Preventing HIV infection with PrEP

PrEP stands for pre-exposure prophylaxis. It is an HIV prevention method for people who do not have HIV, but are at risk. By taking a pill every day they can reduce their risk of becoming infected with HIV.

HIV is a virus that causes HIV infection, which damages the immune system and weakens your ability to fight infections and disease. The most advanced stage of HIV infection is AIDS. Read more about HIV and AIDS.

What is PrEP?

PrEP is 2 medicines, tenofovir and emtricitabine, in a single tablet. These medicines help prevent HIV infection. When taken daily by people who do not have HIV, PrEP reduces the risk of HIV transmission by up to 99%. 

To be effective in preventing HIV, PrEP must be taken every day. This is because you need to have a baseline level of the medicine in your body constantly to prevent the HIV virus from establishing an infection. Missing doses can reduce how well it works. 

It is still advisable to use a condom. PrEP does not protect you against other sexually transmitted infections. 

PrEP is a publicly-funded medicine in NZ for those who meet certain criteria. It is available on prescription.  

Who would benefit from taking PrEP?

Some groups of people are at higher risk of getting HIV. For example, men who have sex with men, transgender people who have sex with men, and people who have a partner who is living with HIV (who is not taking HIV medication or has a detectable viral load). 

High levels of protection from HIV are achieved after PrEP has been taken daily for 7 days. To continue to be effective, it needs to be taken regularly each day. To find out if PrEP is right for you, talk to your doctor. You can also take the interactive quiz: Is PrEP right for me.

How to take PrEP 

  • PrEP is 2 medicines, tenofovir and emtricitabine in a single tablet.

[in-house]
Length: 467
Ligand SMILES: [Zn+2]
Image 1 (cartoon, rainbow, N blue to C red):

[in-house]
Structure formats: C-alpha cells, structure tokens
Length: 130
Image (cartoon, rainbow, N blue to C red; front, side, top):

• Take 1 tablet once a day, at the same time each day.
  • It is best taken with or just after food, or a meal.
  • If you forget to take your dose at the correct time, take it as soon as you remember. But, if more than 12 hours have passed since your last dose, skip the missed dose and take your next dose at the normal time. 

Blood tests

Before starting PrEP, you will need to get yourself tested to make sure that you are HIV negative. If you use PrEP when you are already living with HIV, it can cause the virus to develop resistance and reduce your options for HIV treatment.

Once you're on PrEP, you will need to be tested for HIV every 3 months. This is to ensure that PrEP is still protecting you. 

Your doctor will also do blood tests to check that your kidneys are working well. 

Side effects

Like all medicines, PrEP can cause side effects, although not everyone gets them. Often side effects improve as your body gets used to the new medicine. Common side effects include low energy, feeling tired, strange dreams or trouble sleeping, runny poos (diarrhoea) and nausea (feeling sick). Talk to your doctor if these things happen to you while you are taking PrEP because some of these symptoms are similar to HIV.

Learn more

PrEP-ing you with the basics Ending HIV
Pre-exposure prophylaxis (PrEP) New Zealand AIDS Foundation

References

  1. PrEP information for clinicians New Zealand AIDS Foundation
  2. Australasian Society for HIV, viral hepatitis and sexual health medicine HIV pre-exposure prophylaxis: clinical guidelines 2017
Credits: Sandra Ponen, pharmacist. Reviewed By: Angela Lambie, Pharmacist, Auckland Last reviewed: 07 Jun 2018